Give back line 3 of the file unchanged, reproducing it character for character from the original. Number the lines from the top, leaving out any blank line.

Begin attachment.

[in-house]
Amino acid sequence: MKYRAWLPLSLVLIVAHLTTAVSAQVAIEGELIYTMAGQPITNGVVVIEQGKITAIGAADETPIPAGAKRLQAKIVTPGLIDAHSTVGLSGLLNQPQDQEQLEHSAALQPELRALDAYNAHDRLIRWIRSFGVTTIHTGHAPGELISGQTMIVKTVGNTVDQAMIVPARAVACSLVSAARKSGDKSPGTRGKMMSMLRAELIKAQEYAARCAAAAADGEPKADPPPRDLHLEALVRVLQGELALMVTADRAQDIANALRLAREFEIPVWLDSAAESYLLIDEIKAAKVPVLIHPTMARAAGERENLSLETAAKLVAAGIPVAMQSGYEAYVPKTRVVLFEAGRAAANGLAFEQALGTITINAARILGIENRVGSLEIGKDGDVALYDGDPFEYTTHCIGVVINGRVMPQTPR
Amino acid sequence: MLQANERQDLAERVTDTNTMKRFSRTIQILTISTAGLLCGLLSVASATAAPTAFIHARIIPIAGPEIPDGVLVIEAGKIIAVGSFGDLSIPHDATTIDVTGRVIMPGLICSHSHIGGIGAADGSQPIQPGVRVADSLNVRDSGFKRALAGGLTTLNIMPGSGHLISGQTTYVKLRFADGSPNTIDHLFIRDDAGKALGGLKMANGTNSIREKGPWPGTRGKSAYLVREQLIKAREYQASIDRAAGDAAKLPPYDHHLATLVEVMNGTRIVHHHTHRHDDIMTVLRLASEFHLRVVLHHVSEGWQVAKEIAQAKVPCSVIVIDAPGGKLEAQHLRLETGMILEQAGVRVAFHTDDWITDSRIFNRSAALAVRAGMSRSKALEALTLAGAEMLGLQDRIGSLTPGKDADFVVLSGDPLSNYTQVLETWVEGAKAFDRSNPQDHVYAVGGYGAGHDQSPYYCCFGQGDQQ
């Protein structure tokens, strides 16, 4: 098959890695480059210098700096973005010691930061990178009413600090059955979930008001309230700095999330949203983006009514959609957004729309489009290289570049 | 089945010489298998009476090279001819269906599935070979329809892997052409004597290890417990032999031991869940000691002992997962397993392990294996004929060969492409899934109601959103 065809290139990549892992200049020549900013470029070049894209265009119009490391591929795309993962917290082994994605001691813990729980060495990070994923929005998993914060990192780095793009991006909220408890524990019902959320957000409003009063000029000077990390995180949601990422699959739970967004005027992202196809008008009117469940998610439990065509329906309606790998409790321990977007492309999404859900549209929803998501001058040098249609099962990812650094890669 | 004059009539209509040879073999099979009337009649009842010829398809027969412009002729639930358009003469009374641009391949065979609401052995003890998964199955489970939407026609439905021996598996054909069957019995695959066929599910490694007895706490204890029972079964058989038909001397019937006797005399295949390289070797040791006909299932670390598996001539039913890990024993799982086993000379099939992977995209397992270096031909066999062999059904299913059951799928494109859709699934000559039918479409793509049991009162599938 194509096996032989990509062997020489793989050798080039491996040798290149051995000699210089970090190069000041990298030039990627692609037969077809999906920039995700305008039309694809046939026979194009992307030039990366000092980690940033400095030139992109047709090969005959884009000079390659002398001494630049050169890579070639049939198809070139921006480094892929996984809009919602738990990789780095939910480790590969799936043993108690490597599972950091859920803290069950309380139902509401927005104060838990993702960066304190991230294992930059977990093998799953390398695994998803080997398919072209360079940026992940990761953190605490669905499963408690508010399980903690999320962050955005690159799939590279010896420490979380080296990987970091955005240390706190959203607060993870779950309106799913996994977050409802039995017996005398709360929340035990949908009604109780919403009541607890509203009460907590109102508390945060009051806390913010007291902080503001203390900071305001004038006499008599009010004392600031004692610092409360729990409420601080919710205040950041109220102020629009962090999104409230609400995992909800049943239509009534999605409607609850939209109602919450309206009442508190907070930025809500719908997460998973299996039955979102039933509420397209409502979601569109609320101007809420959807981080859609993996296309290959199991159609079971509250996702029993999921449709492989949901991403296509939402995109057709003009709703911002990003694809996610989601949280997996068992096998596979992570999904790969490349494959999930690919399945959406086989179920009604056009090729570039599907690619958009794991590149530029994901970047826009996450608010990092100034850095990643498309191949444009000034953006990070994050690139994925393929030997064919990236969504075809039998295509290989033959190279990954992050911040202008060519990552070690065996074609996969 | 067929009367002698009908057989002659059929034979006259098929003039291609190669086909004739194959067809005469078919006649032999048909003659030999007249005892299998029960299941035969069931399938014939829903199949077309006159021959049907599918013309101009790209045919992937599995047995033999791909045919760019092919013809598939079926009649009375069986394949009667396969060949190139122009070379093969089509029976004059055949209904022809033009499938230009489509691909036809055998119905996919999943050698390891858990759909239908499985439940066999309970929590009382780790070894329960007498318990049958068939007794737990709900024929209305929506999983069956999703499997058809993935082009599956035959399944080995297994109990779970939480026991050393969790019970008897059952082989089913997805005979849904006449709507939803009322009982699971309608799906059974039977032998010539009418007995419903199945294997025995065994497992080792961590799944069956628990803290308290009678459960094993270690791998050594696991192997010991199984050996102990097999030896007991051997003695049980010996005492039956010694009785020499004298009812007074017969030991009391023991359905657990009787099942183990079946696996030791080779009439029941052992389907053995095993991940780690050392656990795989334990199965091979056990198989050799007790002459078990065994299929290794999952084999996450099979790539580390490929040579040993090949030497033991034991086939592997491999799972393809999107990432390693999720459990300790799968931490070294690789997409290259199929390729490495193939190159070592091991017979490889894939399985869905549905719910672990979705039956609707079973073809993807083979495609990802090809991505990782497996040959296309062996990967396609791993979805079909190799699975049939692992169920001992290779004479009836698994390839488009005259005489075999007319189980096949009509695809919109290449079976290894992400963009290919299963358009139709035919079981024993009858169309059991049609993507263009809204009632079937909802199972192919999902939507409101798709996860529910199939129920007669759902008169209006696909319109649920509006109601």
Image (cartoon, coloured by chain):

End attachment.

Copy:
Amino acid sequence: MLQANERQDLAERVTDTNTMKRFSRTIQILTISTAGLLCGLLSVASATAAPTAFIHARIIPIAGPEIPDGVLVIEAGKIIAVGSFGDLSIPHDATTIDVTGRVIMPGLICSHSHIGGIGAADGSQPIQPGVRVADSLNVRDSGFKRALAGGLTTLNIMPGSGHLISGQTTYVKLRFADGSPNTIDHLFIRDDAGKALGGLKMANGTNSIREKGPWPGTRGKSAYLVREQLIKAREYQASIDRAAGDAAKLPPYDHHLATLVEVMNGTRIVHHHTHRHDDIMTVLRLASEFHLRVVLHHVSEGWQVAKEIAQAKVPCSVIVIDAPGGKLEAQHLRLETGMILEQAGVRVAFHTDDWITDSRIFNRSAALAVRAGMSRSKALEALTLAGAEMLGLQDRIGSLTPGKDADFVVLSGDPLSNYTQVLETWVEGAKAFDRSNPQDHVYAVGGYGAGHDQSPYYCCFGQGDQQ